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November 12, 2013

Six Vital Google Hummingbird Questions Answered

Photo credit: Robert Scoble via flickr

It is not often that Google releases a new algorithm. Sure, we have seen a slew of algorithm updates over the last few months, but Hummingbird is brand new. Here, we will answer the most important questions related to the Hummingbird release, from the viewpoint of digital marketers.

1. What is the Hummingbird algorithm?

Google algorithms don’t change often —there hasn’t been such a major update for the last 10 years. A search algorithm consists of several factors that determine the rankings of website for search terms. Hummingbird is a new algorithm that Google has deployed in the hopes of providing better results to its users.

2. When was Hummingbird released?

Hummingbird has been humming right under our noses for quite some time. Google announced the release of the algorithm officially Sept. 26, but it had been active since Aug. 30.

3. Does this mean that Penguin, Panda and other updates are not relevant anymore?

There are about 200 different factors that affect search results — Panda and Penguin are just a part of the mix. We can see them as subsets of the Hummingbird algorithm. So, Penguin and Panda will continue to impact search results.

4. What is the purpose behind this algorithm?

People are relying more and more on mobile for searching the Internet. Consequently, the importance of voice search is growing. While Google doesn’t have any competition in Web search, there are many Smartphone-specific browsers competing with it for mobile search traffic. People use conversational search queries while searching on mobile devices. So, it became imperative for Google to provide better results to spoken queries.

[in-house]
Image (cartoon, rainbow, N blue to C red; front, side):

Up until now, Google has focused on matching the words with content. After Hummingbird, the search engine giant will pay greater attention to the intent or meaning of the search query to provide more relevant results.

5. How has Hummingbird affected webmasters?

Unlike Penguin or Panda, Hummingbird is not a punitive update. Its purpose is to improve search results for long-tail and conversational search queries. Analyzing comments from webmasters on major digital marketing blogs reveals that Hummingbird hasn’t adversely affected the ranking of websites.

6. How can I optimize content for Hummingbird?

Mot webmasters know that Google offers answers to conversational searches. But, most of the search results in response to conversational queries were pulled from its Knowledge Graph answers. The answers to conversational queries will be plucked from all over the Web.

7. Is there a way in which webmasters can benefit from this?

We can focus on the root of the matter: the major reason that Google has rolled out Hummingbird is because it wants to offer relevant and helpful results to conversational, voice searches. By creating content that is suitable for mobile users, you can optimize it for the Hummingbird algorithm.

  • Target Conversational Keywords: Most webmasters know that people make conversational queries. But very few of us deliberately target conversational keywords. To capitalize on the trend, identify possible conversational keywords that your target audience is most likely to use and create content that answers their questions.
  • Local Search: Hummingbird will make local search automatic. For example, when some enters the search query ‘best restaurants nearby,’ she will get results from review sites for local restaurants, and perhaps, results of restaurants ranking high for the specific location. So, local search optimization will be helpful. 
  • Google AuthorRank for Content Value: More and more content from experts will be fetched by Google to answer specific conversational queries by users. Currently, many of the queries on Google return results from Yahoo Answers and Wiki Answers. Over time, we can expect results from: 1. Authority websites and;
  • Individuals with a solid Google Authorship profile.

Wrapping up

While you can use the above tips to create content to benefit from Hummingbird, the lessons learnt from Penguin and Panda are still relevant. Creating rich content that adds value to the life of the users is your best bet.


Mr. Rajveer Singh Rathore is the founder and CEO of Yug Technology, a positioning brand firm that focuses on increasing organic search visibility, website development, and software development company in India. He is a leading expert in helping businesses use data to drive digital change. His extensive marketing experience to provide tips and insights to businesses looking to learn more about things like blogging, branding, and social media, mobile, and content marketing. Website: